The petitioner was represented by the Legal team at Human Rights Awareness and Promotion Forum (HRAPF) and Rwakafuzi & Co Advocates. Hon. Justice Frederick Egonda-Ntende wrote the lead judgment. He found that the provisions ‘fail to provide a precise definition for the offenses they create' thereby violating article 28(12) on the principle of legality. He also alluded to the harm principle in criminal law, when he rhetorically asked, ‘[w]hat is a disorderly purpose? And why should having such a purpose be criminalized without an element of harm or prejudice to any person.’ He also found the provisions to be contrary to the presumption of innocence in Article 28(3)(a), as they reverse the burden of proof, imposing it on the accused person instead. He stated that, ‘It must be noted that presumption of innocence is a constituent element of the right to a fair trial… There is an absolute bar imposed by the Constitution against whittling away or diminishing the content of the right to a fair trial.’ Finally, His Lordship found that arresting a person on the basis of vague offences is a violation of the right to liberty under article 23(1)(c) and 4(1)(b) as well as the right to freedom of movement under article 29(2)(a) of the Constitution. However, the Court did not find enough evidence to find that the provisions violated article 21(1) and (2) on the right to equality and freedom from discrimination as no affidavits were sworn by victims of the alleged discrimination. Nullifying these provisions is in line with the call by the African Commission on Human and Peoples’ Rights which in its Principles on decriminalization of petty offenses in Africa (2018) called upon states to decriminalize petty offenses including those on rogue and vagabond as they contravened the African Charter on Human and Peoples’ Rights. This was confirmed by the African Court on Human and Peoples’ Rights which in 2022 issued an advisory opinion finding the criminalization of petty offenses which include rogue and vagabond to be in contravention of the African Charter on Human and Peoples’ Rights. Justice Egonda–Ntende also pointed out the colonial origins of these provisions, noting that the Penal Code ‘predates the Constitution by 45 years.’ These offenses have indeed formed part of Ugandan law since 1930 when the Penal Code was imported into Uganda by the British colonial government and have since then been used to harass and further marginalize already marginalized communities. ‘I am very happy that this provision is now off the law books, as it has been used to systematically arrest and harass the poor without any basis, except for being undesirable in some public spaces.’ said the Petitioner, Francis Tumwesige Ateenyi. The advocacy of stakeholders calls upon the Uganda Police Force to take notice of the change, and remind police officers that these provisions are no longer in force. Parliament should also do the right thing and formally remove these provisions from the law books, and also decriminalize other similar petty offenses. According to Dr. Adrian Jjuuko, HRAPF’s Executive Director, and lead counsel for the petitioner, "This decision, following so closely on the heels of a presidential pardon for petty offenders in 2020 and presidential pronouncements denouncing the arrest of persons on charges of being ‘idle and disorderly’ since 2015, indicate to us that the government of Uganda is progressively taking steps to protect the citizens from systemic marginalization. The executive and now the judiciary have spoken, and it is therefore time for Parliament to do its duty and remove all remaining offenses such as being idle and disorderly and being a common nuisance, from the law books as they still have the same impact as the rogue and vagabond provisions that have been declared unconstitutional."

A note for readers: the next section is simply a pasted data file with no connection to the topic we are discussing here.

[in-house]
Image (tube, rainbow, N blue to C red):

The Judgement can be read HERE.
PIC: Justice Egonda–Ntende